R. R. Minikin


"Every ultimate fact is but the first of a new series and every general law only a particular fact of some more general law presently to disclose itself. Ralph Waldo Emerson was not a scientist but he wrote many wise things about human ways and notions. The words of this quotation condense with brevity the whole history of the studies relative to that branch of oceanography devoted to sea behaviour about our shores. Within the last half century there has been a great deal of research on the subject although with different ends in view; some were concerned with marine life and fisheries, some with variation of gravity, others with hydrography and others with the movement of the mobile material on the sea bed, currents and tides. Another type of research of no less importance was the delving into relevant historical records of centuries past of Dutch, French and Italian sea-going map makers. In this connection it was a well known Italian engineer who brought to light the works of a great English chart maker of the Mediterranean, Admiral Henry Smyth (1810) who for twenty years sailed that sea. It is only within recent years that there has been a dissemination of the data collated by these specialist compartmental researches through such Associations as this and it is all to the good of man.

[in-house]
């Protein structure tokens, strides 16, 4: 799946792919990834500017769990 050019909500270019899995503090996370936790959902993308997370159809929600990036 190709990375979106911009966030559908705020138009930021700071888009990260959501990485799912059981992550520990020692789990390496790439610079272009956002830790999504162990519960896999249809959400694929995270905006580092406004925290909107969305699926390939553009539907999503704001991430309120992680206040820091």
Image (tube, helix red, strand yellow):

The difficulties of hydrodynamic studies are too well-known to require emphasis here excepting to underline the fact that most of the popular quantitative formulae are of a semi-empirical nature. It is therefore easy to appreciate the divergences of opinions of what is essential to a clear understanding and evaluation of the factors that must weigh in the diagnosis of beach behaviour subjected to the complex sea action.

It is the purpose of this paper to examine briefly those things recorded from authoritative observations of the phenomena and the reasons and the remedies more usually proposed, or executed for the given conditions in various countries. The author has already suggested elsewhere that the personal approach to these problems should be definitely linked to a sea-sense, in other words a keen interest in and contact with the sea in all its moods.


historical data; case study; coastal erosion

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